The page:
CBF workers cut down several trees in Gulistan-e-Jauhar
KARACHI: The residents of Gulistan-e-Jauhar Block 12 woke up to the sound of chainsaw and heavy machinery Sunday morning, as more than 40 trees were trimmed while several were completely chopped off, claimed a resident, Azeem Qadir.
“As I looked out from my window, I saw men perched on neem trees, chopping its branches,” added Qadir. The trees were cut by the workers of Cantonment Board Faisal (CBF) on the dual carriageway between Gulistan-e-Jauhar Blocks 12 and 13, leading towards Pehlwan Goth from Rado Bakery.
The artery is considered to be one of the well-maintained roads in Gulistan-e-Jauhar. Residents claimed that this road has more greenery as compared to other arteries in the area. They alleged that other than cutting many trees from the top, the CBF workers chopped off several trees from the root.
Another resident, Muhammad Fahim, told The Express Tribune that they have no idea as to why these trees were chopped off. However, he added that K-Electric had some issues because the electricity wires used to get entangled in the tree branches. It seems like the CBF workers, taking it as an opportunity, chopped off as many trees as they could in order to obtain wood to sell it, he said. Fahim added that few of these trees have been chopped off from the root and they will never grow back again. The trees included neem and Conocarpus, he said.
Several coaching centres are located on the artery along which the trees were planted. A van driver said that when he came to the area to drop off students to a coaching centre on Sunday, the road was blocked as huge piles of trimmed branches were strewn on the road. He added that these trees used to provide shade to many people like him, including rickshaw drivers.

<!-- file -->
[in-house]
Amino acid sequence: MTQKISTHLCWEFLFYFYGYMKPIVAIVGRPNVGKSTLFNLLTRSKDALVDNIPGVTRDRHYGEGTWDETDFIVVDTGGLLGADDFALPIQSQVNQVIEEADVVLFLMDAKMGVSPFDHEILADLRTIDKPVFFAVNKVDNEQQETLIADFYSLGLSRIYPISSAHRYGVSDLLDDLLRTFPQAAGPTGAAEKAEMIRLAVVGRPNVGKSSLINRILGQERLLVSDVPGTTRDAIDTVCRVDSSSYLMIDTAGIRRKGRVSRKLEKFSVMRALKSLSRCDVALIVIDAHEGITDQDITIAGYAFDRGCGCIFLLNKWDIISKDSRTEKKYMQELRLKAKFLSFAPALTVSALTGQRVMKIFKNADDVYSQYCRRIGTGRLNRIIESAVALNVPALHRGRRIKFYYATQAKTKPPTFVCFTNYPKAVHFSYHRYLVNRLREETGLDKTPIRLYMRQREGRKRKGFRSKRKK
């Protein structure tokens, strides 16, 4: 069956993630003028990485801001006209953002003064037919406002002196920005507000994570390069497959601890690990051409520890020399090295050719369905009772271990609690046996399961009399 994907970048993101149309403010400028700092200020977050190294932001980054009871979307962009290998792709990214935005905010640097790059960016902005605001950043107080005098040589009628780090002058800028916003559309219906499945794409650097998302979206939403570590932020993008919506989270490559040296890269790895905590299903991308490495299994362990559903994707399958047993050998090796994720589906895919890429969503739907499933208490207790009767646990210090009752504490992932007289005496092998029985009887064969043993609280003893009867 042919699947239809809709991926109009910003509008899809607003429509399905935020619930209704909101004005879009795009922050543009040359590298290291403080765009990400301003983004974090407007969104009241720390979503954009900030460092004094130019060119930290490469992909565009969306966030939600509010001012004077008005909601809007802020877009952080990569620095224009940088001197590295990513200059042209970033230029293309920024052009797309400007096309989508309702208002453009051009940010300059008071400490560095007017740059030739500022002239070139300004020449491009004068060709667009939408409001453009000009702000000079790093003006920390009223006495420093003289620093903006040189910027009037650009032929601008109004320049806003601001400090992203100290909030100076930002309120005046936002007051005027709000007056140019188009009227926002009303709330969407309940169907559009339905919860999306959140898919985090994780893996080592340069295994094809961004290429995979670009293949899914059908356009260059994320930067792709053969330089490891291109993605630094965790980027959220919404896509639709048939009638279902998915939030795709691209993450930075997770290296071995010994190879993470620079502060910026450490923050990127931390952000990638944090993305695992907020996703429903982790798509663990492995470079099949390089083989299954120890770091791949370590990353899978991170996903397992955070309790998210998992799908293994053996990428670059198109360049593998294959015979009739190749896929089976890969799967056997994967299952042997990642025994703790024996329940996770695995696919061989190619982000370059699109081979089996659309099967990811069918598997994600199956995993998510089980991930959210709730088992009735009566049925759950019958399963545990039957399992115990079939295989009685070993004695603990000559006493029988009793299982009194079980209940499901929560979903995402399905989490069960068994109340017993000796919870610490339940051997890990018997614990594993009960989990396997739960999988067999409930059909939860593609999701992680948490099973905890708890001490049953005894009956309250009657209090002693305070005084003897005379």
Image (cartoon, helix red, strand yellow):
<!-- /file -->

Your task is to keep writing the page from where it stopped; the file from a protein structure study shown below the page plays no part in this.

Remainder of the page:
According to Zahid Farooq of Urban Resource Centre, which is a non-profit organisation, cutting down trees is one of the evil plans of timber mafia. He added that the timber mafia has contacts with people working in local bodies’ institutions, who are asked to get them as much wood as they can. For instance, if the workers are asked to chop down five trees, they take it as an opportunity and cut down 50 trees instead in order to earn more money, he claimed, adding that this is a violation of law.
Urging the civic institutions to plant more trees and to make it their priority, he said that neem, which has many benefits and cures for various infections, is one of the trees that is getting extinct in the city. He added that the city needs more neem trees, while we are only left with Conocarpus trees that are of no use and consume more water from the ground.
Meanwhile, CBF vice-chairperson Shahadatullah told The Express Tribune that their workers are not involved in any such activity and they are directed to cut down trees only when it is required and necessary. He added that it is possible that during such operations, individuals take it as an opportunity to cut down trees for wood. Shahadatullah added that he will visit the area to personally to witness the condition.